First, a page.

On appeal, the Fifth Circuit Court of Appeals agreed with the Magees that the school had a "special relationship" with Jane:

[She] was required to attend the school throughout the entire school day, out of the presence of her legal guardian and without any ability to leave; and Jane’s exclusive confinement by the school, entirely without the protection of her legal guardian, in combination with her young age, made Jane wholly dependent on the School for her safety.

After finding that a special relationship existed, the court then concluded that the school and its officials acted with deliberate indifference to Jane’s safety by checking her out to an unauthorized adult (whom they did not know) without verifying his identity to confirm that he was authorized by Jane’s legal guardian to check her out of school. The court then reversed the dismissal of the school district to allow the family to proceed in its case against the school district for possible violations of her substantive due-process rights. The court agreed, however, that qualified immunity protects the school officials from liability.

For the full story, click here.

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Gregory Lowrey, owner of the Happy Valley Tattoo parlor, challenged the Utah Department of Workforce Services Appeals Board’s decision that the wages of a former employee, Jacklyn Johnson, were subject to unemployment insurance. Lowry argued that the business was part of his church, UBU Ministries, which includes tattooing among its religious tenets.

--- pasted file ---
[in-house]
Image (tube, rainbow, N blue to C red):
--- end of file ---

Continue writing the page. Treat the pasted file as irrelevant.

On appeal to the Utah Court of Appeals, Lowrey contended that Johnson was an employee of UBU and was fired for just cause. The court found that Lowrey failed to prove any of his claims, including the point that UBU qualified as an exempt religious organization:

Lowrey does not identify anything in the record besides his testimony as to UBU’s religious nature that would establish UBU as an exempt organization under the statutory definition.

For the full story, click here.

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Viasystems, Inc. v. EMB-Papst St. Georgen GmbH & Co., KG, No. 10-2460.


Viasystems, Inc. (“Viasystems”), is a Delaware corporation based principally in Saint Louis, Missouri, that manufactures telecommunications equipment. In 2007, Viasystems contracted with Ericsson A.B. (“Ericsson”), a Swedish company, to manufacture base units that would eventually be distributed in Japan. Each unit required a cooling fan, which Viasystems purchased from EMB-Papst St. Georgen GmbH & Co. (“St. Georgen”), a German corporation. At no point did the cooling fans or base units enter the United States.